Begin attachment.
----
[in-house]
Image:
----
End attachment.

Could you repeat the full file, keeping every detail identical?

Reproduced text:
[in-house]
Image: